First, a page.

States that expanded Medicaid under the ACA have seen a significant rise in health coverage among women of reproductive age.[15] This has improved access to preconception and prenatal services that make pregnancy and birth safer for parent and baby. Research also links Medicaid expansion with reduced rates of maternal death, particularly for Black women.[16] Given this, it’s important to note that 29 percent of uninsured women of reproductive age in the coverage gap are Black.

Alongside closing the coverage gap, Congress should enact other policies to improve health outcomes and increase coverage for people with low incomes, such as requiring all states to provide 12 months of postpartum coverage (a common-sense policy that 33 states and the District of Columbia have implemented or will soon[17]), requiring 12 months of continuous eligibility for children under age 19, and making the Children’s Health Insurance Program permanent. All of these provisions, which were included in the House-passed Build Back Better bill, would help people with low incomes stay covered, but they are no substitute for helping more people gain access to coverage.

Failure to Close Coverage Gap Would Leave Lowest-Income People Behind

In the upcoming economic reconciliation package, Congress is rightly considering extending enhanced premium tax credits for ACA marketplace enrollees with incomes above the poverty level (above about $14,000 for an individual), which are slated to expire at the end of this year. This would avert steep increases in premium costs for many low- and moderate-income people at a time when many families are struggling with higher costs for basic needs, and it would help protect millions from becoming uninsured.[18] With those enhancements, people with incomes between 100 and 150 percent of the poverty level are eligible for marketplace coverage with $0 premiums and low deductibles. People with income above 150 percent of the poverty line (just $19,000 for a single individual) pay higher shares of income toward premiums, but far less than prior to the tax credit expansion.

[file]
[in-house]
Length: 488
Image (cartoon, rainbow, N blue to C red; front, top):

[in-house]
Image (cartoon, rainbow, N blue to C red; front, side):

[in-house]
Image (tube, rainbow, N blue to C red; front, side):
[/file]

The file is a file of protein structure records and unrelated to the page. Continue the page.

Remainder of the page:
Proposals to close the Medicaid coverage gap would allow people in states that have refused to adopt the Medicaid expansion to quickly enroll in marketplace coverage and receive subsidies so that they pay no premiums and have reduced deductibles and other cost sharing. If, however, the package does not include the Medicaid coverage gap provision, those with incomes below the poverty line in non-expansion states will continue to lack access to any marketplace financial help and will continue to lack access to Medicaid, while those with incomes above the poverty line will get continued help to afford coverage. While continuing the enhanced subsidies is essential, people below the poverty line need access to affordable coverage as well and should not be left behind.

Federal policymakers cannot count on non-expansion states to close the coverage gap themselves and must instead take action as part of reconciliation legislation to provide people in these states with a path to coverage. The non-expansion states continue to resist expanding Medicaid even though the American Rescue Plan provided billions in financial incentives to do so[19] and despite evidence of improved health care access and health outcomes, as well as benefits to state budgets, in states that have expanded.[20]